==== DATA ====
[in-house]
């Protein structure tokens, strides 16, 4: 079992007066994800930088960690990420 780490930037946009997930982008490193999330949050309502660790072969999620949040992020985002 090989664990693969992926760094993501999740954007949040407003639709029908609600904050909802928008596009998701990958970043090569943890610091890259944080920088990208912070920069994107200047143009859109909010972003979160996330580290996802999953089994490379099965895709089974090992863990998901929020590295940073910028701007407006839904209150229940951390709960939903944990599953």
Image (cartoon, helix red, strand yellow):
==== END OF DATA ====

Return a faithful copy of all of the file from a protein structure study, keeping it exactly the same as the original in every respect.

[in-house]
């Protein structure tokens, strides 16, 4: 079992007066994800930088960690990420 780490930037946009997930982008490193999330949050309502660790072969999620949040992020985002 090989664990693969992926760094993501999740954007949040407003639709029908609600904050909802928008596009998701990958970043090569943890610091890259944080920088990208912070920069994107200047143009859109909010972003979160996330580290996802999953089994490379099965895709089974090992863990998901929020590295940073910028701007407006839904209150229940951390709960939903944990599953």
Image (cartoon, helix red, strand yellow):